Anna Groninger '24
Have you wondered what it might be like to step inside one of your favorite paintings? I have, on many occasions, and recently I was able to do this by attending the Van Gogh Immersive Experience here in DC.
Artsy or not, I am sure you are aware of Vincent Van Gogh, the Dutch Post-Impressionist painter, with his famous impressionist movement inspired paintings––for example, the abstract landscape of “Starry Night”, with its bright blue sky covered in yellow and white stars. This striking painting has popularized all of art culture, becoming important to today’s mainstream media––one reason why the Van Gogh Immersive Experience is able to attract such a large audience.
An immersive exhibit’s main goal is to engage the viewer in ways that aren’t done in an ordinary art gallery. This kind of immersion forces the viewer to experience the art using more than one of the five senses. Though newer, immersive art exhibits have quickly become favorable in our culture because of their appeal to the hyper-visual and tech-immersive audience. Many who are used to rapid-fire visuals and loud sounds coming from their devices may quickly lose interest in an unmoving painting displayed in a museum. Essentially, immersive art exhibits invite a larger audience, many of whom would skip the traditional museum.
The creators of the Van Gogh Immersive Experience successfully lure an unexpected audience towards the artist and his famous paintings. The viewer’s ears are stimulated by various calming background noises when entering a dark hallway. The use of light in the room immediately draws the viewer’s eyes to a series of glowing paintings projected onto blank canvases. I found myself pondering the future of museums and whether it was morally correct to profit from displaying images on walls while the real masterpieces exist elsewhere.
Already a fan of his paintings, I found myself glued to the informative paragraphs on the walls, where I learned about the briefness of Vincent Van Gogh’s career due to his long history of deep, family-rooted mental illnesses. I also learned about his relationships with his friends, a memorable one being his friendship with French painter Paul Gauguin. I gathered that the two influenced one another’s painting styles.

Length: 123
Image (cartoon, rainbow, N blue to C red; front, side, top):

Thirty minutes into my visit, I found myself wondering if this was as immersive as this experience would be. I was not prepared for what came next. Looking for one of my friends, who had run off somewhere else, I remember another friend telling me, “I think she’s been in that room this whole time.” My friend pulled back a black curtain at the very end of the dark hall and revealed to me a massive room entirely different from the others. It was bright, full of color and liveliness, with a 360 degree movie projected around all the walls that looped repeatedly. Chairs and bean bags were placed so any viewer could leisurely watch the movie. It was difficult to contain my excitement after just entering a thrilling Vincent Van Gogh wonderland, full of color and emotion. Having found my lost friend, we all sat down on the carpeted floors and just existed in this magical cube for 45 minutes. It was indeed “immersive.” Beams of light taking the form of rivers and bubbles, as well as his signature sunflowers, were projected all over the floors. Many of Van Gogh’s famous paintings came to life through animation. As a lover of music, I enjoyed listening to the tunes that played in coordination with the visuals on the walls, and I surmised that the artists intended to evoke emotions in the viewers, such as sadness and joy, during certain parts of the movie. After spending a half an hour sitting here, I began to wonder whether this movie with little dialogue was an interpretation on Van Gogh’s life. The mystery of this space had me under the impression that this room, although about Van Gogh, was itself a work of art. This wonderland experience, with all its light and sound, was truly the artwork that a Gen Z teenager had been searching for all along.
Information for visitors: